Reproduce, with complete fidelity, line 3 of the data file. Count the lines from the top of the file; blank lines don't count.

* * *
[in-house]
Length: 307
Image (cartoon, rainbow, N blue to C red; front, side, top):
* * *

Image (cartoon, rainbow, N blue to C red; front, side, top):